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气候变化将使过敏症和哮喘病患者如芒在背

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核心提示:A carpenter bee forages for pollen on an azalea shrub in Wilmington, Del., May 8. Global warming is making the pollen season last longer and attracting insects, scientists say. Climate change isn't only bad for the Earth, it may be bad for your heal


A carpenter bee forages for pollen on an azalea shrub in Wilmington, Del., May 8. Global warming is making the pollen season last longer and attracting insects, scientists say.

Climate change isn't only bad for the Earth, it may be bad for your health — especially if you have allergies or asthma.

Global warming is making pollen seasons last longer, creating more ozone in the air, and even expanding the areas where insects flourish, putting more people with bee allergies at greater risk, experts say.

"Climate change will cause impacts in every area. Wet areas will get wetter, and drier climates are getting drier," said Dr. Jeffrey Demain, director of the Allergy, Asthma and Immunology Center of Alaska, and a clinical associate professor at the University of Washington.

Those changes will mean more people with allergies and asthma will suffer. In wet areas, mold allergies will spike, while in drier areas pollens and other airborne irritants will become more of a problem, he said.

Last month, the U.S. Environmental Protection Agency announced that it believes carbon dioxide and five additional greenhouse gases are dangerous to human health. This finding may eventually lead to environmentally friendly changes, such as regulations for cleaner energy and more fuel-efficient cars.

But, right now, problems caused by climate change are already evident, especially in Alaska, Demain said.

"There's been a significant shift in the ecosystem because of the rises in winter temperatures," he said. "On average, Alaska's temp has risen 6.4 degrees in winter and 3.4 degrees overall. And, the earlier the snow melts, the earlier the pollen cycle begins."

In addition to longer pollen seasons, the plant and tree life is changing along with the warmer temperatures. Demain said it's estimated that 90% of the Alaskan tundra will be forested by 2100, and that the types of trees that are most common are changing, too.

The warmer temperatures are also attracting insects. In the past, Alaska hasn't had too many stinging insects. But, said Demain, northern Alaska has recently seen a 620% increase in the number of people seeking care for bee stings.

Although Alaska's experience may be more dramatic than the rest of the United States, it's definitely not the only region that's experiencing change.

"We're having warmer, wetter winters, which lead to long springs and an increase in seasonal allergens," said Dr. David Peden, director of the Center for Environmental Medicine, Asthma and Lung Biology at the University of North Carolina, Chapel Hill.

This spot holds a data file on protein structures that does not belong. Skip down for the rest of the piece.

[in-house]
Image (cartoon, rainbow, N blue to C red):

Peden also said that ozone levels are higher, which causes more asthma symptoms.

So, what can you do to protect yourself? Both Peden and Demain said that just being aware of the problem is the first step. Next, is to be sure you know specifically what you're allergic to, and then be aware of pollen and mold cycles so you can properly adjust your behavior when those levels are high.

"Pollens are usually highest in the mornings, but grass is elevated in the morning and evening. If you're tree- or weed-allergic, plan outdoor activities for the afternoon or evening. If you're grass-allergic, you might want to plan to be outside midday. Warm, sunny, dry days are usually the ones with the greatest pollen," Demain said.

Of course, it's not always possible to stay indoors, and treatments are available that can help you live with allergies and asthma.

"As mundane as this sounds, if you have allergic disease or asthma, consult with an allergist so that you have maximal therapy and information on seasonal concerns. If you're in an area with lengthy pollen seasons, allergy shots might be useful," Peden said.

"The climate is changing, and it's changing at an unprecedented rate. Whether it's a natural cycle, or whether humans are the cause, we have to recognize that this is happening," said Demain, who added, "Every small step [such as using compact fluorescent bulbs or driving less] is important. If we all take that step, we can have a big impact."

这是5月8日一只木匠蜂在特拉华州威尔明顿的杜鹃花从中搜寻花粉的情景。科学家们表示,气候变暖正在使花粉季节延长,并吸引了更多的昆虫。

气候变化不仅对地球有害,它也许对你的健康也有害——特别是如果你患有过敏症或哮喘病话。

专家们表示,全球变暖正在使花粉季节延长,空气中产生更多的臭氧,甚至扩大昆虫繁盛的区域,让更多对蜜蜂过敏的人处于更大的风险之中。

“气候变化将会对每一个地区产生影响。潮湿地区将会变得更潮湿,干燥气候将会变得更干燥,”阿拉斯加过敏、哮喘和免疫学中心主任、华盛顿大学临床副教授杰弗里·德美恩博士说。

这些变化意味着更多患有过敏症和哮喘病的人将会深受其害。他表示,在潮湿地区,真菌过敏将会快速增长;而在干燥地区,花粉和其它空气传播的刺激物将会成为更大的问题。

上个月,美国环境保护局宣布它确信二氧化碳和另外五种温室气体对人体有害。这个发现最终可能会导致有利于环境的变化,例如关于清洁能源和低油耗汽车的法规的出现。

但是,现在,由气候变化引起的问题已很明显了,特别是在阿拉斯加,德美恩说。

“由于冬季气温的升高,生态系统已经有了显著的变化,”他说:“平均起来,阿拉斯加的冬季气温已经升高了6.4度,而全年升高了3.4度。并且,雪化得越早,花粉周期开始得越早。”

除了更长的花粉季节外,植物和树木的生命力也正在随着变暖的气温而变化。德美恩说,到2100年,估计有90%的阿拉斯加冻土地带将会草木从生,并且最普通的树木的种类也将发生变化。

变暖的气温也会吸引昆虫。过去,阿拉斯加并没有多少螫刺昆虫。但是,德美恩说,最近已发现北阿拉斯加寻求蜂螫护理的人数增长620%。

虽然阿拉斯加的经验也许比美国其它地方更富戏剧性,但它绝对不是经历这种变化的唯一地区。

“我们拥有了温暖潮湿的冬季,这将导致春天延长和季节性过敏症的增加,”查伯尔希尔的北卡罗来那大学环境医学、哮喘与肺生物学中心主任大卫.佩登说。

佩登还说臭氧水平更高了,这将引起更多的哮喘症状。

那么,你能做些什么来保护自己呢?佩登和德美恩都说,意识到问题只是第一步。下一步是确切地知道你对什么过敏,然后是了解花粉和真菌的周期,以便当它们处于较高水平的时候你能适当地调整自己的行为。

“花粉通常在早晨达到最高水平,但草在早晨和晚间都很活跃。如果你对树木或杂草过敏,就将户外活动安排到下午或傍晚。如果你对草过敏,你可能想把外出安排在正午。(原文如此)温暖、阳光充足、干燥的天气通常有着最高水平的花粉,”德美恩说。

当然,不可能总是呆在户内,有能帮助你对付过敏症和哮喘的治疗方法。

“就象这个声音一样平常,如果你有过敏症或哮喘,去咨询过敏症医师吧,以便你能得到最大限度的治疗以及季节性的注意信息。如果你处在有着漫长的花粉季节的地区,过敏注射液可能有用,”佩登说。

“气候正在变化,并且以一种空前的速度在变化。不管它是一种自然的轮回,抑或是人类的原因,我们都必须认识到这种事情正在发生,”德美恩说,并补充到:“每一小步〔例如使用节能灯或减少用车〕都是重要的。如果我们都走出了那一小步,我们就能产生重要的影响。”

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